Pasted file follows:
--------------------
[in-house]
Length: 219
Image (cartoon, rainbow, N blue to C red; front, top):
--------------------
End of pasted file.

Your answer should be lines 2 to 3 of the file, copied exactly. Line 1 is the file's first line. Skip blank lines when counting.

Length: 219
Image (cartoon, rainbow, N blue to C red; front, top):